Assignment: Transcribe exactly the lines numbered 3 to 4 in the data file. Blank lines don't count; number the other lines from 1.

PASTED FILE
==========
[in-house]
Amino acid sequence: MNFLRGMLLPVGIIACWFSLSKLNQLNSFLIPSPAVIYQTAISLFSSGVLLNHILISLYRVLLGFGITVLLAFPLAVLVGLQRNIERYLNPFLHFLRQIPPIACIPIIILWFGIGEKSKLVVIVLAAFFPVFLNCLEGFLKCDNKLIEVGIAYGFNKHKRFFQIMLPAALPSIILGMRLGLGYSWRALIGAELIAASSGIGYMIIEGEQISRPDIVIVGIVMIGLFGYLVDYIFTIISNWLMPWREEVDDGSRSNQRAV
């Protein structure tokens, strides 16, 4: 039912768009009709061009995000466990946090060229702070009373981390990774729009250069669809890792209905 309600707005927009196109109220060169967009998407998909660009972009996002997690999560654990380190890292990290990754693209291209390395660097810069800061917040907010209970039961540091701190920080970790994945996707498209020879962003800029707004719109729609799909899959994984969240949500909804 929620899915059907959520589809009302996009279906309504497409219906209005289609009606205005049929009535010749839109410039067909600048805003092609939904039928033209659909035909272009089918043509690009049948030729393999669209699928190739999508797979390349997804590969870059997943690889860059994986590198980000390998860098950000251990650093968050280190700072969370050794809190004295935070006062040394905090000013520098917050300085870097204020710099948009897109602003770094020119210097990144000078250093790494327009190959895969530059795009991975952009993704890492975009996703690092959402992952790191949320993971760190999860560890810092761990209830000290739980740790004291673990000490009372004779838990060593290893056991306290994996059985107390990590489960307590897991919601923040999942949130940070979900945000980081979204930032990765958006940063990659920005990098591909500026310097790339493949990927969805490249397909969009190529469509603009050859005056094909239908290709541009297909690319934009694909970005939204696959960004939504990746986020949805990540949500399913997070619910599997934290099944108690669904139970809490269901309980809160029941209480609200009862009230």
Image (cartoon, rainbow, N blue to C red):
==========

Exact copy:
């Protein structure tokens, strides 16, 4: 039912768009009709061009995000466990946090060229702070009373981390990774729009250069669809890792209905 309600707005927009196109109220060169967009998407998909660009972009996002997690999560654990380190890292990290990754693209291209390395660097810069800061917040907010209970039961540091701190920080970790994945996707498209020879962003800029707004719109729609799909899959994984969240949500909804 929620899915059907959520589809009302996009279906309504497409219906209005289609009606205005049929009535010749839109410039067909600048805003092609939904039928033209659909035909272009089918043509690009049948030729393999669209699928190739999508797979390349997804590969870059997943690889860059994986590198980000390998860098950000251990650093968050280190700072969370050794809190004295935070006062040394905090000013520098917050300085870097204020710099948009897109602003770094020119210097990144000078250093790494327009190959895969530059795009991975952009993704890492975009996703690092959402992952790191949320993971760190999860560890810092761990209830000290739980740790004291673990000490009372004779838990060593290893056991306290994996059985107390990590489960307590897991919601923040999942949130940070979900945000980081979204930032990765958006940063990659920005990098591909500026310097790339493949990927969805490249397909969009190529469509603009050859005056094909239908290709541009297909690319934009694909970005939204696959960004939504990746986020949805990540949500399913997070619910599997934290099944108690669904139970809490269901309980809160029941209480609200009862009230």
Image (cartoon, rainbow, N blue to C red):